The House on Tuesday approved a short-term spending bill funding the government through Saturday, the first step toward passing a massive $1 trillion spending bill for the rest of 2014.

Members approved the bill by voice vote after a quick debate in which representatives of both parties said the bill is needed to keep the government open while Congress manages the much larger spending bill.

Without the short-term bill, funding for the government would run out after Wednesday, and the Senate is expected to need a few days to digest the larger bill.


Most Republicans and Democrats were fine considering the bill under a suspension of House rules, which allowed for a faster debate but required a two-thirds majority for passage. Last week, Democratic leaders indicated they supported passage of the bill under suspension.

"This is a very, very short-term continuing resolution to keep the government open and operating until January 18th," said House Appropriations Committee Chairman Hal Rogers (R-Ky.).

"This clean, three-day CR will guarantee no lapse in funding while the legislative gears turn," added ranking member Rep. Nita Lowey (D-N.Y.). "It contains no policy provisions or other extraneous material. I support its quick passage."

Rogers and Lowey were the only two speakers on the short-term bill. House passage sends it to the Senate, which is also expected to approve it with little debate later tonight.

The omnibus spending bill released last night reflects a bipartisan compromise between House and Senate appropriators on how to balance funding priorities for the rest of the current fiscal year. It spends $1.012 trillion, and cements in place numerous compromises between the two parties.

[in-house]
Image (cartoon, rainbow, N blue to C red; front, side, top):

For example, the omnibus will allow for a 1 percent pay hike for federal workers but freeze pay for the vice president and senior political officials. It also includes more money for the Headstart program but rolls back funding for an ObamaCare preventive health program by $1 billion.

Republicans were also able to score victories by delaying new energy efficiency standards on light bulbs, limiting government travel and conferences and prohibiting the IRS from targeting people based on their political beliefs.

In changes welcomed by members of both parties, it also restores a $600 million cut to disabled veterans and prohibits the U.S. Postal Service from ending Saturday mail service.

The House also passed two other suspension bills today:

— H.R. 2274, The Small Business Mergers, Acquisitions, Sales, and Brokerage Simplification Act. This bill exempts brokers who perform services in connection with the transfer of ownership of small privately held companies from SEC's registration requirements. Passed 422-0.

— H.R. 801, Holding Company Registration Threshold Equalization Act. This bill ensures that savings and loan holding companies can benefit from the same streamlined registration rules that bank holding companies enjoy at the SEC. Passed 417-4.

— This story was updated at 2:10 p.m. to reflect the later votes.